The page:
Decoupling From China?
“News of my early retirement is much exaggerated. It's simply a pandemic"
- Clay Baker
The portfolio is UP +14.00% YTD.
Our benchmark index, the S&P 500 is down -8.00% YTD.
Are we Decoupling from China?
I remember a time, not long ago, when I refused to write about China and the Trade War. Remember the trade war? I simply prefer not to jump into the cesspool of political rhetoric that neither informs or leads people to a brighter future, but rather sounds more like howling at the moon. A short trip in the way back machine helps us reflect on the fact that China was seen by all as a major consumer market to break into. Every major U.S. company wanted to carve out their space in China; some have, others failed.
I'll lead with the important information, this portfolio has very little exposure to China. Only Enphase (ENPH) and Fox Factory have small exposure to China through their manufacturing supply chains and both have been diversifying away from China.
Way too much commentary focuses on China’s supply-side role as an exporter of manufactured products, under-estimating its importance on the demand side.
Chinese consumption has become critical as its fast-growing middle class drives demand for everything from cars, consumer electronics and food to international services such as tourism. China has shifted from a small open economy into a very large continent-sized and much more closed economy in the 2020s. It has become more like the United States, and quite different from trade-dependent economies such as Japan, Germany or the United Kingdom, or large emerging markets like Brazil. China, like the United States is now a generator of shocks to the international economy, while becoming more resilient to shocks originating elsewhere.
Today the U.S Senate passed the Holding Foreign Companies Accountable Act. This bill requires that foreign companies that want to trade and raise money on U.S. stock exchanges must verify, through an audit, that the company is not owned or controlled by a foreign government. Obviously this is aimed at China, though the law will apply to all foreign companies. One of the great concerns from investors has been the accounting and reporting from Chinese companies does not even begin to compare to that of U.S. companies. In fact there has been an ongoing parade of fraud uncovered in Chinese publicly traded companies.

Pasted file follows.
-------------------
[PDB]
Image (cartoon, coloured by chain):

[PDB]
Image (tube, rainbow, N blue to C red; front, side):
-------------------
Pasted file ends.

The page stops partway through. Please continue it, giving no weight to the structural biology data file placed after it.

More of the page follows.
To be fair, not every Chinese company is a fraud, but even a company the size of Alibaba raises eyebrows because when you buy shares of BABA, you're actually buying shares of a holding company that owns Alibaba. Let's investigate BABA as an example of what better reporting might uncover and make more accessible to the average investor. Alibaba is hard to analyze on a fundamental basis because the company has a complex web of hundreds of subsidiaries, variable interest entities (VIEs), and separate operating entities, and a little more than half are in China and the others in the Cayman Islands, British Virgin Islands, Luxembourg, Singapore, and other tax havens. And they all do business with each other. Yet they exclude most of the related party disclosures among “investees” from its filings. Where are those, why do they exclude them, and how can investors feel comfortable taking a bottom-up approach to a company like that when they can’t verify what’s actually going on in the accounting?